Fire remains the number one risk to tenant safety. In the event of a fire getting out of control and smoke spreading rapidly, escape can be difficult and time-consuming, if not impossible.
Landlords have a fire safety duty of care towards tenants and visitors to the premises and local authorities and housing associations, the biggest providers of rental property in the UK, must be aware of risk assessments and fire-related regulations and ensure they are adhered to.
Fire doors play a vital role in fire safety and protecting people on the premises from smoke and fire by providing escape routes and protecting escape routes, such as stairwells, from fire and smoke and landlords in the UK must also be aware of fire door regulations.
What are the fire safety regulations for landlords?
Fire safety regulations for landlords are designed to protect tenants from fire-related hazards. They cover a wide range of properties, from multi-occupancy dwellings such as hotels, guesthouses and nursing homes, to residential properties with a basement or ground floor level such as houses in multiple occupation (HMOs), residential dwellings for students and sheltered housing complexes, among others. The fire safety requirements of a tenant vary depending on the type of tenancy.
As set out in the regulatory reform (fire safety) order 2005, it’s a legal requirement for building operators in England and Wales to appoint a responsible person to manage all their fire safety precautions and one of the key responsibilities of the responsible person is to take any action to reduce the risk of fire spreading within the premises.
Over the years, successive UK governments have introduced laws specifically related to fire risk, fire protection and rental properties, and some of the key areas to help with fire safety on the premises include:
- At least one working smoke alarm on each floor of a rental property.
- A smoke alarm on each storey with living accommodation (HMOs).
- Making sure any furniture and furnishings supplied are fire safe.
- Making sure there is always access to escape routes on the premises.
- Checking appliances have had an annual PAT (Portable appliance test).
These fire safety regulations require UK landlords to install fire door systems in certain properties, such as rental units and residential properties. Fire doors are an integral part of a building’s passive fire protection system and are designed to contain a fire in one part of the building to limit damage and protect escape routes such as stairwells, so everyone can leave the building safely. They should be one of the first elements considered when you undertake a fire risk assessment. The fire door required in your building will be determined by the fire risk assessment, an in-depth review of the premises. The responsible person should ensure an up-to-date fire risk assessment has been carried out. A thorough fire risk assessment saves lives, and it is your legal duty to get one carried out. Fire doors must be installed in the right areas of the premises to offer maximum protection and meet compliance requirements. As every firefighter knows, fire doors play a very important role in fire safety in the event of a fire by stopping the spread of fire and keeping flames and smoke at bay, giving anyone in the building a fighting chance of getting out unscathed. Yet under current UK regulations, only HMOs are required to have fire doors in all areas that lead to an escape route, usually in hallways or other communal spaces. These doors must be fire resistant and be able to close automatically. Other types of rented property – houses, for example – do not require the installation of fire doors, except in parts of England where a selective licensing scheme run by the local authority is in force.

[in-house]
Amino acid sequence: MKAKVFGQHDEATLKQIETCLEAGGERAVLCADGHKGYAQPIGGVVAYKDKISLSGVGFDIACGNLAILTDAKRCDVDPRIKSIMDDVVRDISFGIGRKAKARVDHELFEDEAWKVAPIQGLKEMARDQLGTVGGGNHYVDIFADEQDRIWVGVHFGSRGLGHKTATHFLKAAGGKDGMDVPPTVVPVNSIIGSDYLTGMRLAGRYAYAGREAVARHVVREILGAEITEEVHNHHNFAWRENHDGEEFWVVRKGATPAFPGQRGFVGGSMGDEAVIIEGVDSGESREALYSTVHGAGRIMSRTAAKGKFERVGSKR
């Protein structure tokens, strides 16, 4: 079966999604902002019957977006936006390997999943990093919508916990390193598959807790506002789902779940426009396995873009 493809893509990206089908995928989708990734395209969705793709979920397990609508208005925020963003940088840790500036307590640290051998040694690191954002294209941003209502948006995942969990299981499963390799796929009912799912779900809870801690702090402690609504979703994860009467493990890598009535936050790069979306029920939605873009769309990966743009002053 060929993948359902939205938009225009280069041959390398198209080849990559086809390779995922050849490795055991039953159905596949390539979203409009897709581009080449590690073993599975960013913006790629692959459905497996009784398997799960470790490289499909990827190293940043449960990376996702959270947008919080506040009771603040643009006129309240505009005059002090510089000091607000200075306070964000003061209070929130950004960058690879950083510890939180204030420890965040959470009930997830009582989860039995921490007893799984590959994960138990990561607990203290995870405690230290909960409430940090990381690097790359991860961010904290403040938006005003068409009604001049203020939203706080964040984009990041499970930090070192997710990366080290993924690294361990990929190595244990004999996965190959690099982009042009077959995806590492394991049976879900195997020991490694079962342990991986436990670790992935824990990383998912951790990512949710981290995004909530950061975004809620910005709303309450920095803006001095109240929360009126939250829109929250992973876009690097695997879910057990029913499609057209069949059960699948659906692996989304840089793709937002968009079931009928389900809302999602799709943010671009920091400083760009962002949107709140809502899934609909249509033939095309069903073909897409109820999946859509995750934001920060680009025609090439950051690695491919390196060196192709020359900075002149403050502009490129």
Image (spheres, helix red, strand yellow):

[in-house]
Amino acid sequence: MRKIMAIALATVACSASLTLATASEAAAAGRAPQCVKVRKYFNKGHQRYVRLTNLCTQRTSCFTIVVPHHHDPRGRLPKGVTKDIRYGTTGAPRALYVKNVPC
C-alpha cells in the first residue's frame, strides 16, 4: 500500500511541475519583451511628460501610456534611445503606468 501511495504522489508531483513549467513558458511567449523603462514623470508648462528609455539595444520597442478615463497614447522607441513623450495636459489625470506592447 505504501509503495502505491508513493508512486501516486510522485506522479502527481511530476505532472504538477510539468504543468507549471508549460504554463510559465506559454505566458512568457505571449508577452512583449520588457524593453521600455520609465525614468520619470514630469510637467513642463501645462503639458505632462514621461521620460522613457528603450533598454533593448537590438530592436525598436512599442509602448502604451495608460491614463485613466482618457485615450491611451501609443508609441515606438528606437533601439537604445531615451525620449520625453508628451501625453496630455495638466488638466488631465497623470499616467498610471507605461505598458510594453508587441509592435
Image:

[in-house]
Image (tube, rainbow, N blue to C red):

That said, many landlords are installing fire doors in buy-to-lets and other non-HMO properties. This is a good idea; not only will it give extra protection to your tenants, but it also gives an extra layer of security to your property. So, whether you’re a landlord or a letting agent, here are a few pointers to investing in high-quality fire doors for all types of properties:
What are the key considerations for letting agents with regards to fire doors?